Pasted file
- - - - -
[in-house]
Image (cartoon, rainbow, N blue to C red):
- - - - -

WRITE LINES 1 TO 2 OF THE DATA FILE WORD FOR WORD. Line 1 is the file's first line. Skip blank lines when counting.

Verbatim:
[in-house]
Image (cartoon, rainbow, N blue to C red):